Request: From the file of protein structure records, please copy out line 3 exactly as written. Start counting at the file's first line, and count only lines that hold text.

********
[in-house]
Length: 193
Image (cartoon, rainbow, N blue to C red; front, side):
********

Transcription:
Image (cartoon, rainbow, N blue to C red; front, side):